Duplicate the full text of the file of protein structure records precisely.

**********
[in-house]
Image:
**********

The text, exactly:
[in-house]
Image: